Saab news snippets

Bob Lutz addressed the Automotive Press Association yesterday, outlining GM’s plan for one global budget for developing new models. It involves a greater tying-in of product development, design and engineering around the world through the use of electronic technologies.

….as we develop our new global mid-size architecture, which will replace such vehicles as the Opel Vectra, Chevy Malibu, Pontiac G6 and Saab 9-3, we’ll realize significant savings as a result of this new system. We’ll move from three closely related regional architectures to one global architecture serving nine different models in all four of our regions. We expect a 40% reduction in our prototype builds, a 20% reduction in material costs as a result of the common components, and 25% reductions in both engineering costs and overall investment. That one program alone could save us more than $1 billion over the course of its lifecycle. And ultimately that’s how success will be measured… how much we save, and how much we earn.

Um, no. Bob, success will be measured by how good the products are. If they’re no good, they won’t sell….and you won’t earn.

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Kirk Kerkorian doesn’t have a seat on GM’s board. Not yet, anyway. But he has sent his chief numbers man to look over GM’s situation. From the Fin Review here in Oz…

The Saab brand is thought to not be worth further investment. Hummer is not seen as a core asset but one that should be sold.

And while there is an appreciation of the difficulties that GM faces, Tracinda is not expected to remain on the sidelines unless the company comes up with a more comprehensive turnaround strategy that refocuses GM on making fewer, but more desirable, car and truck models.

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All of this makes the Renault/Nissan wooing all the more interesting. I tend to think there’s a fairly low chance of a deal actually happening (in the near term at least), but let’s just say that Saab belonging to a company more tied to creating cars than to it’s unions, and one willing to adequately market these cars, is a belonging I’d be willing to explore.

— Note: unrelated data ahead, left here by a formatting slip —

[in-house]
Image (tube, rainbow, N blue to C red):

It’s interesting that New Car Net in the UK report it as Nissan having the interest:

Industry commentators are suggesting that Ford’s rebuff might prompt Nissan to approach Saab, as the Japanese company seems intent on buying its way into a market it seems unable to satisfy with its own large vehicles.

Nissan, Renault’s partner, already has a premium brand in the form of Infiniti but that offers little in the way of an option for Renault as within Europe Infiniti is described as having ‘no profile’.

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Topgear are reporting that the Saab 9-3 Convertible will be reporting for duty in a diesel form for the UK market in early 2006. Unable to stop themselves there, there’s also a story about the 9-5 Biopower arriving in the UK in 2006 as well. OK, so you may not be able to fill it up anywhere (or anywhere nearby, at least), but I guess they’re looking at creating the demand.

Thanks to wOOdz and JWLanky at SC for finding these.

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On the car shopping front, the Monte Carlo is getting inspected on Monday.

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1 Comment

  1. Right now would be the perfect time for GM to sell SAAB. They have just terminated the partnership w/ Subaru, so they’ve eliminated at least two planned models two-years or so out. They’re also yet to introduce fully new versions (I’m not counting the facelift) of their other two main models. The 9-7X turns out to be a “stopgap” measure to nothing.

    By “cutting their losses” right now GM can potentially save A LOT of money in development and production ramp-up costs by selling SAAB.

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